Tuesday, May 10, 2011
The wound is the place where the Light enters you. --Jalal ad-Din Rumi
I've been hearing that allegedly the Rapture is about to happen - on May 21 or so they say. I wonder if there's anyone who looks at this blog who believes that. I wonder if there's anyone I know in any of my circles who believes it.
Don't get me wrong: I am VERY superstitious, extremely so. And I get how, looked at in a certain way, every period of history feels like the end of times. But the specifics of the story of the Rapture, the exclusivity built into the story that damns most of humankind to suffer in the midst of the destruction of earth as we know it ... well, wow. The idea does not resonate for me, not even slightly.
The dream of an existence without violence, without war or poverty, of complete peace and happiness, is something I can not imagine. I'm not saying I love all the troubles we see, but it seems to be part of the life cycle of every being on this beautiful, wild, turbulent planet, always has been. We are capable of such great love and idealism, but we fight, we tilt against each other and the world. We are generous and selfish, cold- and warm-hearted, wise and just plain stupid all at the same time. We're - all of us - pieces of work! If we weren't, would we be human?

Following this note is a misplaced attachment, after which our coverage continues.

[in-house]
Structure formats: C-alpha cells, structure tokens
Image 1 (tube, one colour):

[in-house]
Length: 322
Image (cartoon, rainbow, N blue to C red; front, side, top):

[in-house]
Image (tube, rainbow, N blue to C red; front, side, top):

I don't blame anyone for wishing for a perfect existence, or to be perfect themselves. That sounds great, actually. But the juice of being alive exists in the struggle, at least this is true according to my cosmology. One of my great teachers said that in order to accumulate wisdom, we have to get a little bit banged up in some way or another. We are born perfect with absolutely perfect energy fields. Psychological, physical and/or spiritual wounds create openings through which we receive and gather wisdom and insight. That means making mistakes, bungling, and suffering. It just does. Am I crazy, thinking this way?
After about the age of seven or so, innocence and naivete are highly overrated if you ask me. I say this from my heart of hearts. I mean no offense to those who believe they are about to be transported to a place of perfection. Shalom.